The defense of liberty requires an engaged judiciary
Prior to the Fourteenth Amendment, the Bill of Rights checked only the abuses of individual rights by the federal government, and even after the Civil War there were few federal restraints on state powers. Individuals could look only to state courts and their constitutions to check abuses by state legislatures.
The Fourteenth Amendment changed the basic relationship between citizens of the United States and their state governments, empowering Congress and federal courts to protect all Americans’ individual rights against state laws that might violate them.
It is perhaps second in importance only to the Declaration of Independence in advancing America’s commitment to freedom.
But the Fourteenth Amendment’s power depends on the judiciary accepting responsibility as a co-equal branch of government, fully engaged in its duty to enforce constitutional limits on the other branches. Courts have at times abandoned that ideal, establishing bad precedent with tragic results.
For instance, the very first U.S. Supreme Court case to interpret the meaning of the Fourteenth Amendment involved economic liberty, and it did not go well. The question in The Slaughter-House Cases (1873) was whether Louisiana could give a private company a monopoly on slaughtering animals in New Orleans, or whether the Privileges or Immunities Clause of the recently enacted amendment protected the right of all butchers to earn a living free of anti-competitive regulation.
In a 5-4 decision, the majority upheld the law. Despite its plain language and a purpose palpable to the post-war nation, the Court shockingly denied that the amendment changed “the whole theory of the relations of the State and Federal governments.” As a result, the federal judiciary retreated from the protection of most civil rights.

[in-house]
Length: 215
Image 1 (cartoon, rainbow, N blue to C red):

The federal courts would later decide to protect some economic liberties and property rights, such as the right to make contracts, under the other clauses of the amendment. But those efforts lacked consistent principles, with devastating results. The consequence was a long, disastrous period in which judges stepped aside to allow state-sponsored discrimination, including “Jim Crow” racial segregation.
Many decades later, the Supreme Court—responding to the moral urgency of the civil rights movement—began to remedy the evils of segregation and other forms of racial discrimination by enforcing the Fourteenth Amendment. However, other vital civil rights, especially economic and property rights, were disregarded. Legislatures relentlessly pushed for more power over the economy throughout the 20th century, and judges let it happen.
In Lochner v. New York (1905), for instance, the Supreme Court correctly struck down a law regulating the working hours of bakers as a violation of the rights of the employees and employers to contract. But Justice Oliver Wendell Holmes dissented, claiming that it was not the place of a judge to upset “the right of a majority to embody their opinions in law”—that “the word ‘liberty’ in the Fourteenth Amendment is perverted when it is held to prevent the natural outcome of a dominant opinion.”
It would be hard to imagine a statement more wrong or hostile to the purposes of the Fourteenth Amendment. The Constitution did not establish majority rule; it created a system of protections for liberty against the will of the majority. The Fourteenth Amendment extended that protection, guarding a vast range of individual rights against infringement by state laws. Yet the Supreme Court adopted Holmes’ view during the New Deal and it persists as the dominant view today, at least with respect to property rights, economic liberties, and the rise of the regulatory state.
It is long past time for judges to reassert their constitutional role and we are optimistic that process is underway.
Since PLF began its work more than 45 years ago, there has been a growing awareness among lawyers, academics, and even judges that abandoning judicial protection for property rights and economic liberties was a grievous mistake. We see this acknowledged most dramatically in our courtroom victories, which inspire us to press on. PLF is committed to bringing about a future in which courts enforce every part of the Fourteenth Amendment and provide meaningful judicial review in all cases.
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